Device Offers Quantum-Compatible Link Between Microwave, Optical Domains

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A device that uses a small plate to absorb microwave energy and bounce it into laser light could provide a solution for sending quantum signals over long distances.

Scientists at JILA, a joint institute of the University of Colorado Boulder and the National Institute of Standards and Technology, have developed a mechanically mediated microwave-optical converter. The research targets an important step for practical quantum computing — the ability to convert microwave signals, produced by quantum chips, into light beams that can travel down fiber optic cables.

Microwave-to-optical converter for quantum communications, JILA.
This chip, designed by researchers at JILA and measuring less than a half-inch across, converts microwave energy into laser light. Courtesy of Peter Burns and Dan Schmidt.

“Currently, there’s no way to convert a quantum signal from an electrical signal to an optical signal,” said researcher Peter Burns. “We’re anticipating a growth in quantum computing and are trying to create a link that will be usable for these networks.”

Operating at T <100 mK temperatures, as required for quantum electrical circuits, the converter demonstrated 47 percent conversion efficiency — a significantly better performance than other methods for converting microwaves into light, such as methods using crystals or magnets.

Even in the ultracold facilities where quantum chips are stored, trace amounts of heat can cause the device to shake, sending out excess photons that contaminate the signal. Researchers discovered that noise emitted from the two converter output ports was strongly correlated, because both outputs recorded thermal motion of the same mechanical mode. They used a classical feed-forward protocol to reduce added noise to 38 photons.

Robert Peterson, a former graduate student at JILA, works with a “dilution refrigerator.”
Robert Peterson, a former graduate student at JILA, works with a 'dilution refrigerator.' This equipment can cool scientific instruments, such as a new quantum 'trampoline,' down to a fraction of a degree above absolute zero. Courtesy of Peter Burns.

“What we do is measure that noise on the microwave side of the device, and that allows us to distinguish on the optical side between the signal and the noise,” Burns said.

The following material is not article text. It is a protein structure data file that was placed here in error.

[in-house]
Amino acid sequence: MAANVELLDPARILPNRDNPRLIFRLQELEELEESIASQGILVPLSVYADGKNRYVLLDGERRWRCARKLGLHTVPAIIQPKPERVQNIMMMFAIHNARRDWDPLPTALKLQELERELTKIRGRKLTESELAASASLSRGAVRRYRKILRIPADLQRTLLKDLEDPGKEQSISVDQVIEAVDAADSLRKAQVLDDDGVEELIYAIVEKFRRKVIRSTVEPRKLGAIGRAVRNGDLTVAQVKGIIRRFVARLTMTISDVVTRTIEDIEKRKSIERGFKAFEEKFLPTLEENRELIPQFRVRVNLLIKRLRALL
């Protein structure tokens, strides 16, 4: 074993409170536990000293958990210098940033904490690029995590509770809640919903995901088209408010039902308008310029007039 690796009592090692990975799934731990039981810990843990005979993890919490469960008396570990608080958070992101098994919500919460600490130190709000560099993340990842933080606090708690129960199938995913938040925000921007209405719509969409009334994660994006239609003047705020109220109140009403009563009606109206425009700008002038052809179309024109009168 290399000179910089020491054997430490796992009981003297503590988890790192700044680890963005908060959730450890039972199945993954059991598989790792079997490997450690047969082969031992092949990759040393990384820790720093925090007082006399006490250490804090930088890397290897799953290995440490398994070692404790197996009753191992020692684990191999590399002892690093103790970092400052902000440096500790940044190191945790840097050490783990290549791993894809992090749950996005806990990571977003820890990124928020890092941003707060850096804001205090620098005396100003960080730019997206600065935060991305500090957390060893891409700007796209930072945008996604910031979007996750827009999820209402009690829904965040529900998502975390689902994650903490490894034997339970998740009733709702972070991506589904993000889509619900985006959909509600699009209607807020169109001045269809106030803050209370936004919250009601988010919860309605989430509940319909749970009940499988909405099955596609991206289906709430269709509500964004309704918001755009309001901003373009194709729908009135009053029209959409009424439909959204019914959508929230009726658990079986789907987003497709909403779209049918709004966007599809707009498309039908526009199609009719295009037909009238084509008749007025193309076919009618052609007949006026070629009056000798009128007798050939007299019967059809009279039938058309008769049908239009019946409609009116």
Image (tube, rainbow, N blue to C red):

Researchers believe that a quantum feed-forward protocol could allow quantum information to be transferred even when thermal phonons enter the mechanical element faster than the electro-optic conversion rate.

The team will need to bring down the noise even more for the device to become a practical tool. But the potential benefits are huge, said professor Konrad Lehnert.

“It’s clear that we are moving toward a future where we will have little prototype quantum computers. It will be a huge benefit if we can network them together,” Lehnert said.

The research was published in Nature Physics (doi:10.1038/s41567-018-0210-0).

Published: July 2018
quantum optics
The area of optics in which quantum theory is used to describe light in discrete units or "quanta" of energy known as photons. First observed by Albert Einstein's photoelectric effect, this particle description of light is the foundation for describing the transfer of energy (i.e. absorption and emission) in light matter interaction.
An electromagnetic wave lying within the region of the frequency spectrum that is between about 1000 MHz (1 GHz) and 100,000 MHz (100 GHz). This is equivalent to the wavelength spectrum that is between one millimeter and one meter, and is also referred to as the infrared and short wave spectrum.
quantum informationquantum opticsResearch & TechnologyeducationOpticsquantum chipsLasersmicrowaveJILAKonrad LehnertCommunicationsTech Pulse

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